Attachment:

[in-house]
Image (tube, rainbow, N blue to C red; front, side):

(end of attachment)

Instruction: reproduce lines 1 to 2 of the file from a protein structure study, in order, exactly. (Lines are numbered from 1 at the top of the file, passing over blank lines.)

[in-house]
Image (tube, rainbow, N blue to C red; front, side):